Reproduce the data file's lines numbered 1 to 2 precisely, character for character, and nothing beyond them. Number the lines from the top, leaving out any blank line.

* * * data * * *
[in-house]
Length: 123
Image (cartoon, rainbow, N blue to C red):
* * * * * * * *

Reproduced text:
[in-house]
Length: 123